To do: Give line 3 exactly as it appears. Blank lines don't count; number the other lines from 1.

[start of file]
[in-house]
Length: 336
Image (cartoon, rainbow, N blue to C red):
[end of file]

Image (cartoon, rainbow, N blue to C red):